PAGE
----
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The Happiness Project by Gretchen Rubin, Review by the Divorced Breadwinner Mom

Title: The Happiness Project: Or, Why I Spent a Year Trying to Sing in the Morning, Clean My Closets, Fight Right, Read Aristotle, and Generally Have More Fun

Author: Gretchen Rubin

Synopsis: As described on the author’s website, “one rainy afternoon, while riding a city bus, Gretchen Rubin asked herself, ‘What do I want from life, anyway?’ She answered, ‘I want to be happy’—yet she spent no time thinking about her happiness. In a flash, she decided to dedicate a year to a happiness project.”

The result is this book, a month-by-month account of Ms. Rubin’s focus on happiness. The book combines research, time-tested advice, and examples from the author’s own attempts to put this information to practice as a wife and mother of two young children. There is one chapter for each month; each chapter begins with that month’s focus or goals and weaves in happiness research, concrete actions the author plans to take, and stories about how it worked (both successes and things that didn’t work out so well).

As part of the year’s experiment, Ms. Rubin launched the happiness project blog, and the book includes advice and stories from readers of the blog. In the end, she concludes that it is possible to be happier with some focus and attention, and readers of the book might find some good ideas to try out themselves.

Who Would Benefit? For divorced moms who sense they could be happier, this book might be a help. There are loads of ideas and suggestions, backed by research and firsthand tests in a family with young children. It’s easy to skim the chapters if you’re looking for something specific, and there are more tips and pointers to get you started on the author’s website.

Why I Picked it Up: A divorce coach I know recommended the book as a good read and something she suggests to her clients. I was curious to learn more, so I got the book and found it worth reading through.

What I Liked: Ms. Rubin’s honesty and openness about her circumstances and the results of her efforts made this more than just a story about how great she is at being happy. I related to her serious approach and attempts to structure and organize her life for more happiness; I tend to approach things that way myself (or did in the past, maybe less so these days). The examples were concrete, and most were easy for moms to appreciate and relate to as they pertained to family life, career, and everyday activities.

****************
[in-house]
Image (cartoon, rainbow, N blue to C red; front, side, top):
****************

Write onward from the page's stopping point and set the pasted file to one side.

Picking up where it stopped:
What I Didn’t Like: I don’t think I could sustain 12 months of goals such as those described in the book, and it might be easy to become overwhelmed or discouraged thinking you have to try them all. If you’re one of those people, this book might not be the one for you. Also, Ms. Rubin shares a number of examples about being happy and increasing her happiness in her relationship with her husband and talks about sharing parenting responsibilities. For some divorced moms, this may trigger resentment or jealousy instead of happiness, and if you are fresh from divorce, it might be helpful to wait until a few of those feelings have cooled a bit before tackling this book, though a focus on happiness may be just the thing to help you through, so decide for yourself. You can download a free chapter of the book on the author’s website.

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